I was living by the waters of Pacific Island Aotearoa. Certainly secure that we were on solid ground. The security of material and economic privilege is so strange / you become a frog comfortable in increasingly warm water / Did you know that powerlessness is taught and learned? When womxn bodies sense a threat, we can freeze dead in our tracks: we are nervous systems. This is not a system failure: preventing the leaking of energy / this is how we persist.
How have we arrived? You and I are millennia old. 202 years ago, the white man took on the burden of civilizing our families, our elders, our babies. Now, our survival has come to depend upon systems of learning created for earning, instead of learning to learn. We’ve been told that if we cannot / stop “producing,” we will perish. So we have become the best race at designing new technologies, efficiently utilizing our minds to labor for capital and accumulation. But Beloved, our liberation, foreign to these foreigners, lives beyond the patri-colonial designs of modernity.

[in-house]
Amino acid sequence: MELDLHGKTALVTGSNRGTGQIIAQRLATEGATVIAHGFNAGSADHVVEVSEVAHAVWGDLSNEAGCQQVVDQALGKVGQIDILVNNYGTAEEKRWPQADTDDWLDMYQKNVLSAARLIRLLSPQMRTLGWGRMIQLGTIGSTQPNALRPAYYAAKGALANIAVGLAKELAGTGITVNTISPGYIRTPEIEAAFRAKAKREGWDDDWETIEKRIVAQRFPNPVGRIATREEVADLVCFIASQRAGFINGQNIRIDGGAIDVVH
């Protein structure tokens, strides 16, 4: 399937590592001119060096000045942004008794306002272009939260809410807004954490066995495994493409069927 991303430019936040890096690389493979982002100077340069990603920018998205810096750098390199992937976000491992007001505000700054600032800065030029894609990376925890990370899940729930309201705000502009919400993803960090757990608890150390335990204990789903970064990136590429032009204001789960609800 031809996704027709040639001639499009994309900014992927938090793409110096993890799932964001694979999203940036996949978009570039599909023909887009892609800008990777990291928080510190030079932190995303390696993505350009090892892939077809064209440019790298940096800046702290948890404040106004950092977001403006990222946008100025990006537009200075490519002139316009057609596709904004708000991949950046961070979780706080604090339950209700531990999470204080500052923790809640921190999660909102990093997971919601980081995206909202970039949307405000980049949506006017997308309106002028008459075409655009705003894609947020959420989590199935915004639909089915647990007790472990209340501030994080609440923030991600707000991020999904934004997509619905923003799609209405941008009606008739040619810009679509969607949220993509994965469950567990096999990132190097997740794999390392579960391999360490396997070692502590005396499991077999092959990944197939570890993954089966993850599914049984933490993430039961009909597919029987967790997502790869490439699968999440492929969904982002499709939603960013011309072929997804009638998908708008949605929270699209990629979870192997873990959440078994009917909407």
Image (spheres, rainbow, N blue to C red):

Our Poorvaj have learned by // travelling // wailing. When colonial certainties collapse, the ruins of this structure expose the rotting, necessary. Modern citizens put a lot of faith in the four walls of concrete buildings. Our territories will protect us from the danger of / that which is / stranger. This is a false and comforting impression.
A few minutes after I say “they wouldn’t risk sending us home,” our leaders announce that we have four days to leave the island country. While Aotearoa is one of the safest places in the world right now (and to come, as we shall see) College authorities do not know how this crisis will unfold. Borders are rapidly closing now. We used to have “countries” back then and “going home” from abroad meant usually crossing borders. Everyone else in my group called “the United States” / the name colonists gave Turtle Island / home. Lesson I: Corona has little trouble flowing through bodies. Our group is atop a blue ice glacier when our program gets shut down.